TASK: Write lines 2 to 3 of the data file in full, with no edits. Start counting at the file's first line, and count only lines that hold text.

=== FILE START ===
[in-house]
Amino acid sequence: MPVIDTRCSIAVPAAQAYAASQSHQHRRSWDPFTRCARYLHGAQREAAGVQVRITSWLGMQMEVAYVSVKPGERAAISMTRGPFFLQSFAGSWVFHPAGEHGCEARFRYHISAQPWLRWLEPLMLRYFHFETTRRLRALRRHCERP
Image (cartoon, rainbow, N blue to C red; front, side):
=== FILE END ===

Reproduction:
Amino acid sequence: MPVIDTRCSIAVPAAQAYAASQSHQHRRSWDPFTRCARYLHGAQREAAGVQVRITSWLGMQMEVAYVSVKPGERAAISMTRGPFFLQSFAGSWVFHPAGEHGCEARFRYHISAQPWLRWLEPLMLRYFHFETTRRLRALRRHCERP
Image (cartoon, rainbow, N blue to C red; front, side):